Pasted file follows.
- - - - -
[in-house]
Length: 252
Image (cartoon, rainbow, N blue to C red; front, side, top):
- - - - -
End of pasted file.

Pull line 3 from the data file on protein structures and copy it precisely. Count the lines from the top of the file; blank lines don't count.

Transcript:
Image (cartoon, rainbow, N blue to C red; front, side, top):